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The Royal College of Anaesthetists (RCoA) is "the professional body responsible for the specialty of anaesthesia throughout the United Kingdom". It sets standards in anaesthesia, critical care, pain management, and for the training of anaesthetists, anaesthetic practitioners (non-doctor anaesthetists) and practising critical care physicians. It also holds examinations for anaesthetists in training, publishes the British Journal of Anaesthesia, and informs and educates the public about anaesthesia. Its headquarters is in Churchill House, London.
Role The College’s activities are varied, but include the setting of standards of clinical care, establishing the standards for the training of anaesthetists and those practising critical care and acute and chronic pain management, setting and running examinations, and the continued medical education of all practising anaesthetists.
Publications The College publishes guidance for its members and also has a newsletter (The College Bulletin), a journal (British Journal of Anaesthesia) and an eductional journal (Continuing Education in Anaesthesia, Critical Care and Pain). The latter is written in collaboration with the Intensive Care Society and the British Pain Society.
History The Royal College of Anaesthetists was awarded its royal charter in 1992, making it one of the youngest Royal Colleges of medicine. Prior to this time, it had existed as the College of Anaesthetists since 1988, when it split from the Royal College of Surgeons of England. Prior to 1988, it was known as the Faculty of Anaesthetists of the Royal College of Surgeons of England, which was formed in 1948. The roots of the college can be traced back to the Association of Anaesthetists of Great Britain and Ireland, which was set up in 1932 by Sir Ivan Magill and others, and continues today.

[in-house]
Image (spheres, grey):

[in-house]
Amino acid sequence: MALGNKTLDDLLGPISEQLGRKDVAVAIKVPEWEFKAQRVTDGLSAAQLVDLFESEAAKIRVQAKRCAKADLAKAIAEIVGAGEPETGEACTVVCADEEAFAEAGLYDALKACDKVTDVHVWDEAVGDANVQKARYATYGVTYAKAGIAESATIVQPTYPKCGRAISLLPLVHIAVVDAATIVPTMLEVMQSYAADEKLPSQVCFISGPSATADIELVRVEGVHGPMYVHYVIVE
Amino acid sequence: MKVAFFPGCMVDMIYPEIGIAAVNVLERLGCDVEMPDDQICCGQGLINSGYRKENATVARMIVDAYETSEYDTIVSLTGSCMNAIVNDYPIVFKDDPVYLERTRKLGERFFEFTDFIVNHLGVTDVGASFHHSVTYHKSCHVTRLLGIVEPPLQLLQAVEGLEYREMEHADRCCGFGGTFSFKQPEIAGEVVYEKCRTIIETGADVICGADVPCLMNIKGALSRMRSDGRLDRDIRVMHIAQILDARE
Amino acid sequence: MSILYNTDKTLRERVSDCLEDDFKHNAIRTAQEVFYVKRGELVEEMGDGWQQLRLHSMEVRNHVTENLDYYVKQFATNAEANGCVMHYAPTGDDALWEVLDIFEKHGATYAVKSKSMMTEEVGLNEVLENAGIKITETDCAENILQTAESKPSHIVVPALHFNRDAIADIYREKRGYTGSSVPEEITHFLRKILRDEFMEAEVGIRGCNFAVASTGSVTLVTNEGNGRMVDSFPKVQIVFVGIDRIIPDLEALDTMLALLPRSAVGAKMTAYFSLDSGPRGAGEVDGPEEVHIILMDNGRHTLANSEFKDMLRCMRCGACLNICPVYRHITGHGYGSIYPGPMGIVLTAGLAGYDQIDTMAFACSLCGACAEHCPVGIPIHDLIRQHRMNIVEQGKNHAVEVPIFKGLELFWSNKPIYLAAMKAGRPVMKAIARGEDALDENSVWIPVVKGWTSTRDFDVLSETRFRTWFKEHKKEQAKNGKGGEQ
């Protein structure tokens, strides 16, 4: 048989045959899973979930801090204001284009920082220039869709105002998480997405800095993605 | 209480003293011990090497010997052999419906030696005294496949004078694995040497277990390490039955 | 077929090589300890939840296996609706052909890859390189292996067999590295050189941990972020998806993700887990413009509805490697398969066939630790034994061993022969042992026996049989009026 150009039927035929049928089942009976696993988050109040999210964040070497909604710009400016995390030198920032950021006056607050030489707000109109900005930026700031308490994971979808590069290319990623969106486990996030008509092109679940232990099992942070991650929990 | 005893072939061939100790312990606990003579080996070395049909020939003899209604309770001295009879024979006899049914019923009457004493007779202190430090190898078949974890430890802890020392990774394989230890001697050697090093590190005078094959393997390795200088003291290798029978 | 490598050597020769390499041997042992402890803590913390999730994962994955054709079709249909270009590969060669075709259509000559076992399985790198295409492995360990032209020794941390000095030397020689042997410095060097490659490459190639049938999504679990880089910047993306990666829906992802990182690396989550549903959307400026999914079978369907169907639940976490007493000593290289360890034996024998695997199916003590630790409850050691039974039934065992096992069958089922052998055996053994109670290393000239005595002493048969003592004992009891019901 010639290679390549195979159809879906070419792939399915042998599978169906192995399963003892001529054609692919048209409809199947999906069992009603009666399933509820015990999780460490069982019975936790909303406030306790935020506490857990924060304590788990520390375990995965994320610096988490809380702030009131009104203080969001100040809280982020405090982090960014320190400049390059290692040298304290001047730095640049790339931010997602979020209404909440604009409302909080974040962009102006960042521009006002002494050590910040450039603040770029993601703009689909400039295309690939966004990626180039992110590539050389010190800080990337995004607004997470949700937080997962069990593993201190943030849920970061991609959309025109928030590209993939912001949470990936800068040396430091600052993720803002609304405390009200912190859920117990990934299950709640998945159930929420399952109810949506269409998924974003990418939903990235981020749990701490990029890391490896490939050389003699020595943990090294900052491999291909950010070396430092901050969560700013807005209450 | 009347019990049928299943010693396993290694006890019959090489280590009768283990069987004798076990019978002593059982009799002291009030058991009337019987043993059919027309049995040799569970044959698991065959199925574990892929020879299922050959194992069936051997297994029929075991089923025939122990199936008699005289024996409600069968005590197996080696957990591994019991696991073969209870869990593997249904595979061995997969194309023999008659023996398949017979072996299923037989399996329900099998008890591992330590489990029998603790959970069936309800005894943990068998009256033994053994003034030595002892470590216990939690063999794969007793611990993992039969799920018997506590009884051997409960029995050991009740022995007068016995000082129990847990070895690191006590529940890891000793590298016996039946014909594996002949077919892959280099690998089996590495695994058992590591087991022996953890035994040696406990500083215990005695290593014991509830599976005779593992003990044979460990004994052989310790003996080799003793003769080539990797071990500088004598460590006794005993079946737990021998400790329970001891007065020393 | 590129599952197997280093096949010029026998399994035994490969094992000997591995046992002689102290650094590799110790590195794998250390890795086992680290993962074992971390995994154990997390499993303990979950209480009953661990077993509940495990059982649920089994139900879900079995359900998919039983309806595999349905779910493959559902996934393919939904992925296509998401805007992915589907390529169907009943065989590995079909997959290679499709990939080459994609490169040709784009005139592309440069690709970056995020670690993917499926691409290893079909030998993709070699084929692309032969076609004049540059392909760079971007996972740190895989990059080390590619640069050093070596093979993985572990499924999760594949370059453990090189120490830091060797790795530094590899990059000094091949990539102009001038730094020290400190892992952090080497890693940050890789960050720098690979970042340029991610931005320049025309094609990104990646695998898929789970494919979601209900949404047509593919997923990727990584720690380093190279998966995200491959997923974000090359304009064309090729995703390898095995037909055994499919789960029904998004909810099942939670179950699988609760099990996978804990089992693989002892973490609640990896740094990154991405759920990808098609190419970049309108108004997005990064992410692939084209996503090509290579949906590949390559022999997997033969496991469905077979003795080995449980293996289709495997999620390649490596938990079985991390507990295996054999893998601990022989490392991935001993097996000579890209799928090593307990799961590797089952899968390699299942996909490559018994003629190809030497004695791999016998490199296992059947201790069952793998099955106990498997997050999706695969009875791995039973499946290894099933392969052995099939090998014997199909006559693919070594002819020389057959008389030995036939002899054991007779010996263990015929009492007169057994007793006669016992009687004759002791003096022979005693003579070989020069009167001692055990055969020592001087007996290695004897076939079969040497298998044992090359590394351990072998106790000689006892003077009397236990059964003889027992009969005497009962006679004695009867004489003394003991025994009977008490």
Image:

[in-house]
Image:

Coat of Arms and Motto The Coat of Arms of the College shares some symbols and features with that of the Royal College of Surgeons of England. It also incorporates coca leaves to symbolise local anaesthesia, and opium poppy heads to symbolise analgesia. The figures on either side of the shield (known as supporters) are two pioneers of anaesthesia, John Snow and Joseph Thomas Clover.The College's motto is “Divinum sedare dolorem” (it is divine to alleviate pain).
Examinations Diploma of Anaesthesia ('DA' - now defunct)
Fellowship of the Royal College of Anaesthetists (divided into the Primary FRCA and Final FRCA)
Organisation The College is made up from an elected Council of practising anaesthetists who elect a President and two Vice-Presidents from among their members. Particular areas of work are considered by Committees who report to the Council. At present the President is Dr Judith A Hulf (term 2006-2009) and the Vice-Presidents are Dr Anna-Maria Rollin (term 2007-2008) and Professor Christopher Dodds (term 2007-2008).The patron of the Royal College of Anaesthetists is Princess Anne, the Princess Royal.
Official web site Royal College of Anaesthetists
Relevant External Links The British Journal of Anaesthesia
The Association Of Anaesthetists of Great Britain and Ireland
Wikithesia.org The anaesthesia wiki for anaesthetists in training
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